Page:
Many politically progressive Christians have latched on to the concept of a “Jubilee year” as a biblically endorsed excuse for debt cancellations and as a way to “dismantle economic inequality.” But as a new study by Charles A Goodhart and Michael Hudson explains, Jubilee Years didn’t originate in ancient Israel, they weren’t really about egalitarianism, and they can’t readily be applied outside of agrarian based economies.
Here are a few highlights from their paper:
The Israelites borrowed the idea from their neighbors
“Debt jubilees occurred on a regular basis in the ancient Near East from 2500 BC in Sumer to 1600 BC in Babylonia and its neighbors, and then in Assyria in the first millennium BC. It was normal for new rulers to proclaim these edicts upon taking the throne, in the aftermath of war, or upon the building or renovating a temple. Judaism took the practice out of the hands of kings and placed it at the center of Mosaic Law.”
Jubilee Years kept economic power in the hands of the rulers
“The common policy denominator spanning Bronze Age Mesopotamia and the Byzantine Empire in the 9th and 10th centuries was the conflict between rulers acting to restore land to smallholders so as to maintain royal tax revenue and a land-tenured military force, and powerful families seeking to deny its usufruct to the palace. Rulers sought to check the economic power of wealthy creditors, military leaders or local administrators from concentrating land in their own hands and taking the crop surplus for themselves at the expense of the tax collector.
By clearing the slate of personal agrarian debts that had built up during the crop year, these royal proclamations preserved a land-tenured citizenry free from bondage. The effect was to restore balance and sustain economic growth by preventing widespread insolvency.”
Jubilee Years were about an equitable society, not egalitarianism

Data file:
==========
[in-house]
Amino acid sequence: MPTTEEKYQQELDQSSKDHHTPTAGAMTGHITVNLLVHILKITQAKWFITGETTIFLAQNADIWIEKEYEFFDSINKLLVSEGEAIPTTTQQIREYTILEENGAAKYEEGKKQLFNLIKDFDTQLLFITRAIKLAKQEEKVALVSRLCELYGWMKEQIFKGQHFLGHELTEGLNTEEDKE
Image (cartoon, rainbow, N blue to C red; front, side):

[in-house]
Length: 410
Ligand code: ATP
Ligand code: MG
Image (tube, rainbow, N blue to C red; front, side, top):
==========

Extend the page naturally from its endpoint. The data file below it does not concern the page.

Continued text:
“In sum, the economic aim of debt jubilees was to restore solvency to the population as a whole. Many royal proclamations also freed businesses from various taxes and tariff duties, but the main objective was political and ideological. It was to create a fair and equitable society.
This ethic was not egalitarian as such. It merely aimed to provide citizens with the basic minimum standard needed to be self-sustaining. Wealth accumulation was permitted and even applauded, as long as it did not disrupt the normal functioning of society at large.”
Agrarian societies tend to produce unsustainable levels of debt
“A study of the long sweep of history reveals a universal principle to be at work: The burden of debt tends to expand in an agrarian society to the point where it exceeds the ability of debtors to pay. That has been the major cause of economic polarization from antiquity to modern times.”
Why the Jubilee-style debt cancellations cannot be exactly replicated in modern economies
“During the millennia reviewed earlier, the main credit/debt transactions initially were undertaken directly between the (ultimate) creditor and (ultimate) debtor. The largest credit relationship was between the government and taxpayers. Nowadays a very large proportion of all financial transactions are intermediated via financial institutions. Any attempt to cancel some category of debt, say government debt or personal mortgages, would immediately drive those financial intermediaries holding such assets, e.g. banks, pension funds, investment trusts, into insolvency.”
For more on the economics of Jubilee Years, see Art Lindsey’s “Five Myths about Jubilee.”